OPELOUSAS — The St. Landry Parish Council listened but took no action Wednesday on a proposal to create a parish emergency fund from annual tax revenues from the slot machines at Evangeline Downs Racetrack & Casino.
Parish government receives about $1.5 million annually from the slot machines. Another 45 percent of the racino revenue goes to parish offices in addition to 12 municipalities in the parish.
Council member Jerry Red Jr. proposed cutting by 5 percent the amount of the racino money given to the offices and municipalities and placing that revenue into what he described as a “slush fund,” for emergencies such as flooding and storm damage.
Council member Timothy LeJeune said how the racino money is distributed is “not carved in stone” and maybe the council should consider the matter further.
Parish President Bill Fontenot said any changes in the way racino funding is remitted would have to be done by council ordinance.
The council, meanwhile, spent nearly two hours questioning Fontenot and parish auditor Steve Moosa about the general fund budget for the fiscal year that began Jan. 1.
The council voted in October to delay adoption of the budget until the new council was seated. Six new council members were elected. Moosa said in an interview that the council violated its Home Rule Charter by not adopting a budget in what he called a “timely fashion.”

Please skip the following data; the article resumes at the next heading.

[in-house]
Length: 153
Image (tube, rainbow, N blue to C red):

The council will hold a public hearing on the proposed 2016 budget March 16.
The proposed $5 million budget anticipates the parish will receive about $1.5 million less in general fund revenues this year. Those include reductions in racino and state transportation funds, $200,000 less in state severance taxes and a $1 million decrease in sales tax revenues.
Red and LeJeune both questioned Fontenot about funding for a parishwide mosquito abatement program.
Fontenot said he does not intend to spray parishwide at this time due to the cost. The parish covers 1,000 square miles, which he said is too large to be cost effective for spraying.
Fontenot said the spraying now is done in areas where mosquitoes are the most troublesome.
LeJeune suggested additional funding for mosquito control could be tapped from the animal control budget, which has expanded during the last few years.